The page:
This divinely anointed King picks up the poetry in verses 7-9. He is God’s actual Son, begotten of YHWH himself. This was a metaphor in the original composition, where King David is in view. But there would come a time when a true, biological Son of God would appear to fulfill this passage (Jn.1:1-18: Matt.5:17). The psalms have many such typological pointers to a coming messianic fulfilment (see Psalm 22 for instance). God’s plan to redeem and regenerate his fallen creation centers on a true King, one who will bring God’s kingdom to earth (Matt.6:9-13; Col.1:13-14). This King will at the end of time bring a shattering judgment against all human arrogance, violence, and rebellion. Like the climax of a hero movie where the Good Guy rescues the innocents and destroys the perpetrators of atrocity, the biblical story-arc reveals a devastating vengeance from the Lord who gave his own life in the spirit-war and returned to dramatically rescue his loved ones (Rom.12:19; 2Thess.1:5-12; Rev.19:11-21).
The psalmist then applies God’s word to the arrogant world rulers of this age in verses 10-12. Get a life! Wake up and smell the coffee! Don’t be stupid! Worship the Lord and do homage to the Son. God’s wrath is real and there is a judgment coming. Eugene Peterson, a well-known authority on the psalms, makes this sobering comment in one of his writings, “The Reality is God! Worship or flee!” Wise words.
Yet, this introductory psalm, so rich in the imagery of God’s sovereign plan to retake his rebellious creation, ends in the offer of grace. “Blessed are all who take refuge in him.” The Lord is gracious, even as he prepares to judge all sin. Derek Kidner in his classic commentary on the Psalms reminds us that, “There is no refuge from him, only in him.” This is why, in the New Covenant, we are many times reminded that we are “in Christ.” He is the eternal and perfect refuge. Paul understood this when he dictated these words: “There is therefore now no condemnation for those who are in Christ Jesus. For the law of the Spirit in Christ has set you free from the law of sin and death.” (Rom.8:1-2)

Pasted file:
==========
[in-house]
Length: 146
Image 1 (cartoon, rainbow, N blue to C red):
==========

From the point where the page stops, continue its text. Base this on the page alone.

Contrary to popular belief (and dogma in western public discourse), the history of the world is not one of accidental biological progress toward a secular, evolutionary utopia. (How could “progress” be accidental anyway?) It is the account of humanity’s senseless and futile rebellion against God, even as God reveals his miraculous plan to take the cosmos back under his lordship, remove all evil and death, and restore perfect loving peace. Human history in this age will end violently because the kings of the world will not take the advice of Psalm 2 (Rev.6:15; 19:11-16). But it will be reborn in Christ, with the Lord of holy love at the center and the regenerated universe glowing and pulsating eternally with his own perfect Trinitarian life. Life as it was meant to be. (Rev.21-22)
In a world chaotic with tragic rebellion against the Author of life, we should remember that God has a plan (Eph.1:10), and he is not at all threatened by anything humans conspire to mount against it. The kingdom of God, where the Father is Ultimate, the Son is King, and the Spirit is regenerating God’s people, is the ultimate and final Reality. The gracious and saving Lordship of Jesus Christ, God’s one and only Son, is the destiny of the created order.
The book of Psalms, filled as it is with faithful, honest prayer and praise, will make the most sense to people who are steeped in God’s living and written word (Psalm 1) and enamored of God’s gracious and rescuing King (Psalm 2). It’s all about Jesus Christ.
Just a Thought,